The sum and substance of the current situation and the possibilities ahead is all about rumour-mongering, and how to stop it. In the social media era, or the culture of hand-phone/mobile usage, as in any country, there is great urgency and need for authorities to address the issue even before it breaks out. How and when they should do what may need to be done in this regard is as administrative as the technological requirements are specific and specialised.
Rumour-mongering on election-eve and particularly on the polling day can impact on the turnout, either in individual booths, electorates or across regions or the nation as a whole. While the people’s faith in the authority on Covid-control has only increased after the well-coordinated efforts that has made it a success thus far, the reaction time available to them though the few hours of polling may not be enough.
The predecessor regime imposed national emergency for a short period, to freeze the social media in the aftermath of the ethnic clashes in Batticaloa and Kandy. It is unclear if a national emergency, if at all it came to that and a massive democratic exercise like the parliamentary poll could go together. If it were to be the case, Sri Lanka might create democratic and constitutional history across the world for holding constitutionally-mandated elections under national emergency. Yet, this is all a subject for timely consideration, nothing more.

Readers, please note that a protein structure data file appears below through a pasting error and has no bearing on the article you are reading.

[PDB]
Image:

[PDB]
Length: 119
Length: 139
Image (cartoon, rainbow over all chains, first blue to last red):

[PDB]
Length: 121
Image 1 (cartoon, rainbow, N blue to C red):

Questions will then arise as to who should be enforcing such bans? An over-active EC, which is also over-ambitious in the absence of inherent administrative powers, may cause eye brows to raise. Critics of this Government, both inside the country and outside, would be checking every detail with a tooth-comb, to see if anything could be slapped on the ruling Rajapaksa dispensation. Such an approach can twist and turn their own honest perceptions.
Indications are that the Government has succeeded in controlling Covid spread, earlier than anticipated. With only ten deaths and just above 2000-positive cases, nation can take pride in its robust public health system, which was stretched beyond limits, but did not seem to have caved in. Given his methodical approach to problem-solving President Gotabaya Rajapaksa also seemed to have identified the right people for the right job, and given them the political support and financial and human resources to carry out an unknown task on a untested turf. They have cleared the test creditably.